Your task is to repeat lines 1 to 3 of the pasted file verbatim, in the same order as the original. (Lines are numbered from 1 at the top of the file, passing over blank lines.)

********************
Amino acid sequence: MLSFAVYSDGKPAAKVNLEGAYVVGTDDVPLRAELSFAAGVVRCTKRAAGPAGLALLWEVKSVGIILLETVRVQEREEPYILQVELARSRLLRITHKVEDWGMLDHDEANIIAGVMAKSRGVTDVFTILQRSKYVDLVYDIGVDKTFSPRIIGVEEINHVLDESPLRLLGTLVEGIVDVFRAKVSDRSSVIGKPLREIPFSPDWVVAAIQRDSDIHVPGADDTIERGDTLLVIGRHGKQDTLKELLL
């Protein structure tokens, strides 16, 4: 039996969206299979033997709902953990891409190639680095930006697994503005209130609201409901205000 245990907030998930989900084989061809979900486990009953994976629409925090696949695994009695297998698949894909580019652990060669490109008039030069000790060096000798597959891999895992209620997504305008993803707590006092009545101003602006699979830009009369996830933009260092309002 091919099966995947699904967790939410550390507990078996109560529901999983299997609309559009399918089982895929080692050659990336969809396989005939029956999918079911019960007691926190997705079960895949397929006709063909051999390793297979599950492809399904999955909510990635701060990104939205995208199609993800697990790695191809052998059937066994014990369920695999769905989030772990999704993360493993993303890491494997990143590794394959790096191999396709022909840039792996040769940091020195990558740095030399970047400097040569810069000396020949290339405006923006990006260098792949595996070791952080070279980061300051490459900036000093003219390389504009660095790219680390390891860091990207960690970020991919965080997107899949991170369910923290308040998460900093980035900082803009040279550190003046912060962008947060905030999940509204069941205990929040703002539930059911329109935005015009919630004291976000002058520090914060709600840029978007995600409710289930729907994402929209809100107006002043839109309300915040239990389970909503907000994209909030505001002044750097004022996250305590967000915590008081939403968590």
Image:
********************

Amino acid sequence: MLSFAVYSDGKPAAKVNLEGAYVVGTDDVPLRAELSFAAGVVRCTKRAAGPAGLALLWEVKSVGIILLETVRVQEREEPYILQVELARSRLLRITHKVEDWGMLDHDEANIIAGVMAKSRGVTDVFTILQRSKYVDLVYDIGVDKTFSPRIIGVEEINHVLDESPLRLLGTLVEGIVDVFRAKVSDRSSVIGKPLREIPFSPDWVVAAIQRDSDIHVPGADDTIERGDTLLVIGRHGKQDTLKELLL
């Protein structure tokens, strides 16, 4: 039996969206299979033997709902953990891409190639680095930006697994503005209130609201409901205000 245990907030998930989900084989061809979900486990009953994976629409925090696949695994009695297998698949894909580019652990060669490109008039030069000790060096000798597959891999895992209620997504305008993803707590006092009545101003602006699979830009009369996830933009260092309002 091919099966995947699904967790939410550390507990078996109560529901999983299997609309559009399918089982895929080692050659990336969809396989005939029956999918079911019960007691926190997705079960895949397929006709063909051999390793297979599950492809399904999955909510990635701060990104939205995208199609993800697990790695191809052998059937066994014990369920695999769905989030772990999704993360493993993303890491494997990143590794394959790096191999396709022909840039792996040769940091020195990558740095030399970047400097040569810069000396020949290339405006923006990006260098792949595996070791952080070279980061300051490459900036000093003219390389504009660095790219680390390891860091990207960690970020991919965080997107899949991170369910923290308040998460900093980035900082803009040279550190003046912060962008947060905030999940509204069941205990929040703002539930059911329109935005015009919630004291976000002058520090914060709600840029978007995600409710289930729907994402929209809100107006002043839109309300915040239990389970909503907000994209909030505001002044750097004022996250305590967000915590008081939403968590």
Image: